“Painting the Shape of My Heart” takes the album into a new aesthetic. With spacey synth tones and repeated harmonies, it feels very different from the previous songs of Unleashed, and quite honestly, a bit messy. While it was too busy for my taste, this track might be appealing to fans of artists like Coldplay, the Chainsmokers, and Avicii. “Painting the Shape of My Heart” could be a great way to get people on the dance floor at a party, or a wonderful radio track, but, with respect, it’s not for me, and was my least favorite part of the album.
I’m a fan of the bass intro to “World With You.” The dissonance it creates intrigued me, but it also mixed well with the guitar line when it began. The song itself is a little unexpected based on Marc’s other tracks, but this could be down to song order, and a relatively easy fix. Another fun, jam-packed track, “World With You” evokes images of those cute travel couples that everyone secretly wants to be like: “All I wanna do is see the world with you…/We can go to England, we can go to Italy/Anywhere for you/Anywhere with me.” The phrasing Marc utilized in this track was surprising and had the right amount of rub to keep it unexpected and fresh.
“Garden of the Vine” takes us back to the musical themes found in the majority of Unleashed. The acoustic melodies are very comforting and fitting for a song that features nature. When matched with Marc Ambrosia’s light, airy vocals, the whole song feels twinkling and green. The lyrics are interesting to listen to as well: “Time we spent deciding/Finding strength to cross the line/Won’t take this love for granted/It is a tree-faced planet/Here in the garden of the vine.”
“I Believe in Destiny” is groovy in a great way to show off the range of Marc’s vocal styles. The instrumental lines (especially the bass part!) are interesting to listen to throughout the song and do a wonderful job of pushing it forward. Marc’s vocals are more aggressive, showing us a different side from his typical crooning ballad-style vocals. The phrasing of lyrics and overall layout of the song makes it sound professional and well thought out. “I Believe in Destiny” is another stand-out song in Unleashed.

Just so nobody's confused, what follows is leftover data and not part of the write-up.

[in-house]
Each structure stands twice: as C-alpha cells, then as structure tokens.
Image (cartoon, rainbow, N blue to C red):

“The Hardest Part” is another great example of Marc Ambrosia’s talent for slow songs. Marc’s vocals are the center of attention in “The Hardest Part,” especially in the subdued beginning of the song. The sudden crescendo of the chorus is a great injection of energy to the piece; without the contrast, the song would be dull and sound like many of the other tracks out there. “The Hardest Part” feels like a second-to-last song thanks to its infusion of unique sound while still keeping many of the themes taken from other parts of the album.
“Send the Hurt Away” is the final track of Unleashed. Bringing the album to a close with a heartfelt love song, Marc Ambrosia’s vocals sound like something from a Broadway musical. With his gospel and blues influences, Marc belts out the lyrics to “Send the Hurt Away” easily: “But there’s so much more than love in a love song/I’ve been trying to hide the sorrow from my face/I’ve been trying to let the tears I have fall down without a trace…” “Send the Hurt Away” is the perfect song to end Unleashed with a finality.
Marc plans to shop Unleashed to independent and commercial record labels for consideration, something he feels he’s finally ready for.
“The idea of pursuing a record label used to scare” him, but Marc Ambrosia has decided he has “a finished product [he] can hold [his] head up high with, and [he refuses] to let it fall through the cracks.”
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***Like all of my reviews, a submission fee was charged for this post***